Jeff expertly and skillfully dropped our three trees in a matter of forty-five minutes. And can you believe that not only did it require less than an hour of his time to fall the trees, but, more impressive than that, he dropped them exactly where he had planned to; away from the gates, the fences, the house, or anything else that was in the path of their fall. With orange blocks that he wedged into the base, or trunk, of each tree, Jeff directed the giants to land exactly where he wanted them to land. I was absolutely amazed. Not only was I amazed by his skill and abilities and his knowledge, but I was amazed by Jeff's sense of kindness and friendship.

As the fallen trees lay on the ground and Kurt could only see work and nothing but more work ahead of him,   Jeff held up the saw and coaxed me over to the end of one of the enormous trees. He handed me the heavy saw and said that it was time I began to learn how to use a saw on my own. What? Me? Are you serious? Yes, he was serious! He started her up and directed me to place my hands where his hands were on the handles and together we sawed through the trunk of the tree as the long blade sliced it into a beautiful round disc that fell to the ground and I squealed in delight. But that wasn't the end of my lesson. Jeff gave me some verbal instruction and expected me to plow through the trunk for another slice and while I had this monster saw in my grip Jeff coached me from the sideline. It was thrilling, exhilarating and fun! The smell of the fresh cut wood filled me with delight and reminded me once again that I'm living in an extraordinary place and that I'm blessed, every day, to experience Montana.

Two local children climbed up on the fallen trees to play fantasy games and while I watched these country boys actually play like real boys, I couldn't help but think about all the millions of children around the world who are sitting on their butts inside their houses playing video games, watching television or on the computer doing who knows what without supervision. Boys will be boys here in Montana. And girls will be girls, or rather, ranch girls or cowgirls. Yes, it's a different world all-together here and I love it. I love the lifestyle that preserves fresh air activities for kids and wholesome behavior. Climbing on a neighbor's fallen trees, being boys and getting exercise is just one example of how Montana preserves a natural way of living. Another example are the 4-H clubs around the state that teach children how to sustain themselves for the rest of their lives. Raising cows, chickens, horses, goats, etc., teaches these kids not only how to take care of and be responsible for another life, but it gives them opportunities galore. It might be considered a simple, uncomplicated, "Redneck" lifestyle in most eyes, but for us, this is life as it should be and Montana is where to find it.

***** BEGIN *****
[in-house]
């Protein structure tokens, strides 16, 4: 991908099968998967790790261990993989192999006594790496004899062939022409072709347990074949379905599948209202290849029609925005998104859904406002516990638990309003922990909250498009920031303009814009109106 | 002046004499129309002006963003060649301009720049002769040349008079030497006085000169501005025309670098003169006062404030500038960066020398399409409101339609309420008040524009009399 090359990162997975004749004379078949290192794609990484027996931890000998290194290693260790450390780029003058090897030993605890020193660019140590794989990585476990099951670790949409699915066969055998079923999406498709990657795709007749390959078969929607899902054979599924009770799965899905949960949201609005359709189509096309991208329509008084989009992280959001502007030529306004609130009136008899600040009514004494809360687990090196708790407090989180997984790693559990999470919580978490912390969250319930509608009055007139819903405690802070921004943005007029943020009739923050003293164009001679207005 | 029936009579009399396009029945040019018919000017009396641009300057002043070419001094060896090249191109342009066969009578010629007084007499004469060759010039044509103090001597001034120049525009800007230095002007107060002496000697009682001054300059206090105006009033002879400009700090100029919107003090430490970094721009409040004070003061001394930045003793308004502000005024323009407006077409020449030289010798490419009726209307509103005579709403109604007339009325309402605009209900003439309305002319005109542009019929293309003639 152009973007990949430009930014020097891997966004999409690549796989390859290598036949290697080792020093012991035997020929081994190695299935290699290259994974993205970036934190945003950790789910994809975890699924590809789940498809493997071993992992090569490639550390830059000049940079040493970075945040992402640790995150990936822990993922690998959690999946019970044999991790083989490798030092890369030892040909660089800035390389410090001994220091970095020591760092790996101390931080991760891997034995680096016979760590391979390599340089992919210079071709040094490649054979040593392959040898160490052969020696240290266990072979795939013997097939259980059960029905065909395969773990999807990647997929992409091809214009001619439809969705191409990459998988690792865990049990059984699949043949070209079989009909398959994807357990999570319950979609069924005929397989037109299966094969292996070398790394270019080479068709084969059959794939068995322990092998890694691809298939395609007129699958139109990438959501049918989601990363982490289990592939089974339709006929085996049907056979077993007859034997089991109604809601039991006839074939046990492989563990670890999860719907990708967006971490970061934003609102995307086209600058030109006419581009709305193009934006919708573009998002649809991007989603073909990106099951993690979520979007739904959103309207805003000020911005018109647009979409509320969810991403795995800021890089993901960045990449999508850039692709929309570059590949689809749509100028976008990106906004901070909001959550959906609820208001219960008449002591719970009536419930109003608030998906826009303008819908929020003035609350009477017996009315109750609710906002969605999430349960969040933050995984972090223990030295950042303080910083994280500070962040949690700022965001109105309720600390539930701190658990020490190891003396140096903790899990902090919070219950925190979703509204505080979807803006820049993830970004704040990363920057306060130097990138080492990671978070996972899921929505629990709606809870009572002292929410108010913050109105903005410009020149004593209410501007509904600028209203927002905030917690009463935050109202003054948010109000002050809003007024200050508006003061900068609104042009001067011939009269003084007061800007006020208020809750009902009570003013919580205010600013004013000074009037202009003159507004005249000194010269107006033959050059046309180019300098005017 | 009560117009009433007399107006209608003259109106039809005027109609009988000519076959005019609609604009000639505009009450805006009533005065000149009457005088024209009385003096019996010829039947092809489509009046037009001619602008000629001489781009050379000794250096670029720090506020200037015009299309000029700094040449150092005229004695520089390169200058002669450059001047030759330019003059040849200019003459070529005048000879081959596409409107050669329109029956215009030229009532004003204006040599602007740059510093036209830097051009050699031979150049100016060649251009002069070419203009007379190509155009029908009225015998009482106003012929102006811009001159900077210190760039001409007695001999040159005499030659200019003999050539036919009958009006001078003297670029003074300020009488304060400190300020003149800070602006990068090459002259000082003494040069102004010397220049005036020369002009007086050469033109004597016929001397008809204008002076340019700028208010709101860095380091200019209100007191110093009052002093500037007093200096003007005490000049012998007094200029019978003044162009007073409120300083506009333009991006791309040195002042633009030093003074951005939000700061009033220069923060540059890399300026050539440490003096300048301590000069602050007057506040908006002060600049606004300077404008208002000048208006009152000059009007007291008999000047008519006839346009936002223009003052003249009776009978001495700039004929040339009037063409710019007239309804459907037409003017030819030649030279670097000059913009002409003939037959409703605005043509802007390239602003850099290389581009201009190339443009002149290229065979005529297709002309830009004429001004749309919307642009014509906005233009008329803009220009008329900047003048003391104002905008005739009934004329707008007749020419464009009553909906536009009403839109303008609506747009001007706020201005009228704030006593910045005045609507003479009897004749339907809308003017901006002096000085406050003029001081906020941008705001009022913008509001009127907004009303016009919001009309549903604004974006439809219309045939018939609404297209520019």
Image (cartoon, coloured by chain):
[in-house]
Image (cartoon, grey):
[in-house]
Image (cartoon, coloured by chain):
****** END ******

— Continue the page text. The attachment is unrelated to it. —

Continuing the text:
I can't thank Jeff enough for falling our three dead trees and I've been racking my brain in attempt to think of some nice way to show him our appreciation. A chocolate cake, batch of cookies, a tray of fresh enchiladas...an invite for he and his wonderful family for dinner? I'm not sure, but eventually I'll think of some nice way to say thank you, for all he has done and all he continues to do to help us, with an open and accepting heart, become the Montanans that we continue to strive to be. Life here is so good, and we are living it!